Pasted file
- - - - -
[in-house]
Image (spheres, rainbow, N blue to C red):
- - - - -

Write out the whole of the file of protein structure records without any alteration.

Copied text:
[in-house]
Image (spheres, rainbow, N blue to C red):